For the very first time, a woman has just been declared “cured” of the HIV virus. He is only the third person in history to have been able to get rid of the virus which has already infected millions of people around the world. According to the scientists, the case of the woman, who is originally from New York, represents a breakthrough in the field since a completely new method was used. The patient was also demographically different from previous patients who went through similar treatment to fight the virus.
According to Steven Deeks, an AIDS expert from the University of California, who is not involved in the study, the fact that the patient is of mixed race, and that she is a woman, is very important scientifically, but also in terms of impact on the community.
According to the knowledge that specialists have of HIV, the virus would evolve differently in women compared to men.
A new technique
The New York patient who has just been cured of HIV has followed a new treatment which has just shown its effectiveness, at least for her case. The woman had been diagnosed as HIV-positive in 2013 and received the treatment in question in 2017. It involved transplanting “cord blood” which consists of stem cells collected from the blood present in the umbilical cord and the placenta.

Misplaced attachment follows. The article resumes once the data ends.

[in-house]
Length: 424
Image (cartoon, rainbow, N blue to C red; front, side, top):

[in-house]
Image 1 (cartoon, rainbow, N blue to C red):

This new technique was developed by researchers at Weill Cornell Medicine in New York. According to the information, it could also be considered as an option to treat cancer.
According to scientists, stem cells from cord blood are much easier to obtain than cells taken from the bone marrow. It is also easier to find matches.
Note that the two previous patients who were cured of HIV were both men and they had been treated with bone marrow. The grafts came from donors with a mutation that blocks HIV. However, it is a much more invasive and risky procedure.
A promising treatment
The two men previously cured of HIV were a German who lived without the virus for 12 years, and then Adam Castillejo, a Briton who received a bone marrow transplant in 2016.
These two men both suffered from significant side effects. The patient who received the cord blood was able to leave the hospital after only 17 days. Doctors say it may have been partly due to the blood transfusion she received from a relative to boost her immune system.
While this may be a revolutionary new treatment, some experts disagree with calling the patient’s case a “cure.” According to Yvonne Bryson, a specialist in pediatric infectious diseases at UCLA, it would be safer to call the patient’s case a “remission”.
In any case, in the face of a virus that continues to make millions of people suffer, even minimal progress represents an important step forward.